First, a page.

“Mama?” he asked again. “Why can’t girls play baseball?”
“Well, they can…” I started. Of course he knew this already. There were plenty of girls on his Little League team, a dramatic change from 1982 when I’d been the sole girl on my Little League team, so intimidated by the boys that I begged my parents after each game to let me quit.
And of course there was the recent phenom, Mo’ne Davis, pitching in the Little League World Series. But the fact that a little league pitcher being a girl is news only underscored the point that this was a new and surprising turn of events.
“Women just can’t play professionally,” I concluded.
“Well, there was a professional women’s league once.” I stopped myself. I didn’t really want to get into explaining the details of the women’s baseball leagues of the 1940s, my knowledge of which was shaped primarily by A League of Her Own and a few half-remembered articles.
There were too many possible directions to take this explanation, and anyway, he wasn’t asking for a detailed history of women in sports. He was noting, for the first time, that women do not do all of the things that men do. Without really meaning to, I realized that I’d been keeping this information from him for the first eight years of his life. I had been telling him that women could do anything men could do, and vice versa. And up until this very moment he’d believed it.
Earlier in the year he’d confidently gotten up in front of his scout troop and, in order to earn a storytelling merit, told a group of 8-year-olds about the time he learned to knit. (“What did they say after the story?” I asked. A hundred possible taunts ran through my head. “Some of them told me they knit too,” he said. I guess at this point I should mention that we live in Brooklyn.) He had thrilled me, a few months before that, by correctly answering an old riddle we used to tell as kids to prove that people were sexist. A boy and his father are in a car accident, it starts. They’re rushed to the emergency room and the surgeon says, I can’t operate on this boy, he’s my son.
Back in the early 80s this riddle used to leave us dumbfounded. How could the surgeon be the boy’s parent when the father was in the accident too? Was this a trick question?
When I told the riddle to my son he stared at me as though I’d just asked him if bananas were a fruit. “The doctor is the boy’s mother,” he said. And yet, even with the knitting and the female surgeon and the men and women are equal mantra, the world had intervened. There are no women in major league baseball, no women with million dollar contracts and kids wearing shirts with their names on them and people packed into stadiums to thrill to their every scratch and spit. Was this the time to tell him that there had also never been a woman president, that the US Congress is less than 20 percent female, and that women earn less than men for the same job? That seemed like a lot to lay on an 8 year old. On the other hand, he already knew about the Holocaust. Why did I feel it was okay to tell him about Hitler but not about the gender gap?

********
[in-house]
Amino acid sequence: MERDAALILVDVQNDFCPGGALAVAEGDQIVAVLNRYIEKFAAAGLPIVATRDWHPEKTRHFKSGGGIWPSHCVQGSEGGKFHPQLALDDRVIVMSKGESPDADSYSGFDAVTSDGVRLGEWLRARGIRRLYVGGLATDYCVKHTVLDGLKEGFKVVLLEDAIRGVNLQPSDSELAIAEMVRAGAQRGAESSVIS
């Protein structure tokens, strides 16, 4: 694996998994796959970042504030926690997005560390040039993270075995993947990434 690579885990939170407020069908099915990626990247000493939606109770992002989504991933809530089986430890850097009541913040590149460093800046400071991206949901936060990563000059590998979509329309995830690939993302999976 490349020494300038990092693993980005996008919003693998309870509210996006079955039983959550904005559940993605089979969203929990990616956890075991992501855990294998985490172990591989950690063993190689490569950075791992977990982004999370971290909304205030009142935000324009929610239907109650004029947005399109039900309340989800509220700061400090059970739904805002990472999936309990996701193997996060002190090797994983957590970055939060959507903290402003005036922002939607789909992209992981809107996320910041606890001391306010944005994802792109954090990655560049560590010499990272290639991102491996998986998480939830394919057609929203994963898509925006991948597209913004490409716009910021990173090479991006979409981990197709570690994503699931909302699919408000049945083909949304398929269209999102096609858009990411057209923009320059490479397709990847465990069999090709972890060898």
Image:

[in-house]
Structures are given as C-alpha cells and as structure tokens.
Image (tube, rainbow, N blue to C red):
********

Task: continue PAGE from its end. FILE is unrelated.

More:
While I pondered how to answer the baseball question, he began peppering me with followups, each one bouncing forth as he snapped puzzle pieces together in his mind. Why don’t girls like chess was next. Followed by: and why don’t you, Mama, know how to play Battleship? I know how to play every other game in the house. In fact, I mop the floor with my family when we play board games and card games. If I had it to do all over again I’d become a professional Poker player. I can destroy opponents in Othello, Monopoly, checkers, and Connect Four. But I never learned how to play Battleship. When I was a kid, Battleship was for boys.
I didn’t have answers for my son because I didn’t like the honest answer. I didn’t want him to know that there is a thing called sexism, and that life can be hard for women in ways that it isn’t for men. I didn’t want him to know these things not because I wanted to shield him from the horrors of the world, but because I didn’t want him to think less of me.
I wanted to be the strong parent in his life. I make a significant number of the family decisions, I bring home at least half of the bacon, and I explain the world to him. But how strong can a parent be in an 8 year old’s eyes if she isn’t allowed to play major league baseball?
But in the end, I knew I had to give my son a truthful explanation. I told him that for a long time women weren’t allowed to do certain things. There are some places where women are still prevented from driving cars or voting. It takes a long time to get from there to equality, I said. But every year it gets better.
“And also,” I added. “I’d like to learn to play Battleship.”
He smiled and took out the Battleship set. He went over the rules. And then I mopped the floor with him.
Hana Schank is the author of A More Perfect Union: How I Survived the Happiest Day of My Life. Follow her on Twitter: @hanaschank.
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